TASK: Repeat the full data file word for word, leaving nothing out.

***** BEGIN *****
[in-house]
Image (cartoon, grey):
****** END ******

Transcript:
[in-house]
Image (cartoon, grey):